When a child becomes terminal: Discrepant adolescent and parent perspectives on discussing a terminal prognosis with adolescents with cardiomyopathy, heart failure, and heart transplant

Title

When a child becomes terminal: Discrepant adolescent and parent perspectives on discussing a terminal prognosis with adolescents with cardiomyopathy, heart failure, and heart transplant

Creator

Hansen K; Edwards L A; Luong R; Yohannes K; Halpern-Felsher B; Cohen H; Kaufman B

Publisher

Circulation. Conference

Date

2018

Subject

advance care planning; adolescent; death; outpatient; prognosis; school child; cancer prognosis; malignant neoplasm; heart failure; conference abstract; human; child; controlled study; perception; conversation; cardiomyopathy; heart graft

Description

Introduction: Adolescents with cardiomyopathy, heart failure, and heart transplant (CMHF/HTx) are at risk of life-changing complications and premature death. The importance of advance care planning (ACP) in pediatric patients with HIV and cancer has been demonstrated, but the ACP preferences of adolescents with heart disease and their parents have not been evaluated. We aimed to describe and compare ACP preferences of adolescents with CMHF/HTx and their parents. Method(s): Outpatient adolescents with CMHF/HTx, aged 12-18y, and their parents completed a self-administered survey from March to May 2018. The survey evaluated preferences regarding the importance of ACP, sharing of prognostic information, and timing of ACP discussions. Participants answered independently. In addition, parents were asked their perception of their child's response. Adolescents' and parents' survey responses were compared. Survey responses were recoded as dichotomous variables and compared using McNemar's test. Result(s): Twenty-five dyads (mean adolescent age 15.0 +/- 1.8 years) completed the survey. Most adolescents (71%) considered their current health to be very good or excellent. ACP importance was ranked moderately or extremely important by 44% adolescents compared to 88% parents (p=0.006). Most adolescents (88%) reported that they wanted their doctor to inform them as soon as their doctor knew they were dying; in contrast, only 44% of parents wanted the doctor to share this information with their child (p=0.003). The majority of parents (84%) and adolescents (80%) wanted the adolescent to be involved in end-of-life (EOL) decisions. Conclusion(s): While many adolescents with CMHF/HTx did not report that ACP was of great importance, they do not want to be kept in the dark if death is near. Adolescents with CMHF/HTx reported that they want to be told as soon as the physician knows they are going to die and want to be involved in EOL decisions. Parents want their adolescent to be involved in EOL decisions, but are less likely to want to share a terminal prognosis with the adolescent. These results highlight discrepancies between adolescent and parent views regarding EOL conversations. More research is needed to inform effective EOL communication between parent, adolescent, and provider.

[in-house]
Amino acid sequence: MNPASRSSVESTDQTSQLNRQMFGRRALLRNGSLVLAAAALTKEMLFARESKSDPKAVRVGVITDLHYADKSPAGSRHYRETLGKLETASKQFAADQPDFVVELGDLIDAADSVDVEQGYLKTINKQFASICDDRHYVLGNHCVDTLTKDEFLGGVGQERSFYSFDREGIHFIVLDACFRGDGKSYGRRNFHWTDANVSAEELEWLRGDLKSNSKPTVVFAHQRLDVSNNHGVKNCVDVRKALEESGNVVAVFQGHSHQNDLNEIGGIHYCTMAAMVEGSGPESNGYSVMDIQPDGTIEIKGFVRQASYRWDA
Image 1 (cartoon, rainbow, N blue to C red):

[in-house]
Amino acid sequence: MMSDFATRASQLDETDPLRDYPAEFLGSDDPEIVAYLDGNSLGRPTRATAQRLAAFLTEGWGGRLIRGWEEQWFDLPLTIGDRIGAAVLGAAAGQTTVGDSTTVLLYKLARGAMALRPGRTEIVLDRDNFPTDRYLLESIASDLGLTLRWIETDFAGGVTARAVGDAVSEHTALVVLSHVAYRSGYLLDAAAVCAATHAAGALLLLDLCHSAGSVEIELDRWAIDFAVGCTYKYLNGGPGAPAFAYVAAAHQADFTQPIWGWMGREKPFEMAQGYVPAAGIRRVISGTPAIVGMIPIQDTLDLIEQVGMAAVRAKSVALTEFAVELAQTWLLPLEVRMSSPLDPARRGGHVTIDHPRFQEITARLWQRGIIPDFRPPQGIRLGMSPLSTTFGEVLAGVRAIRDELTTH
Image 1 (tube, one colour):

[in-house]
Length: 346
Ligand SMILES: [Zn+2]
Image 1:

Citation List Month

June 2019 List

Collection

Citation

Hansen K; Edwards L A; Luong R; Yohannes K; Halpern-Felsher B; Cohen H; Kaufman B, “When a child becomes terminal: Discrepant adolescent and parent perspectives on discussing a terminal prognosis with adolescents with cardiomyopathy, heart failure, and heart transplant,” Pediatric Palliative Care Library, accessed July 27, 2021, https://pedpalascnetlibrary.omeka.net/items/show/16166.

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